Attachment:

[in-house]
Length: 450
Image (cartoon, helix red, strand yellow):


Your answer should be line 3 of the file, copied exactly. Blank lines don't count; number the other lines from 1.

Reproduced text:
Image (cartoon, helix red, strand yellow):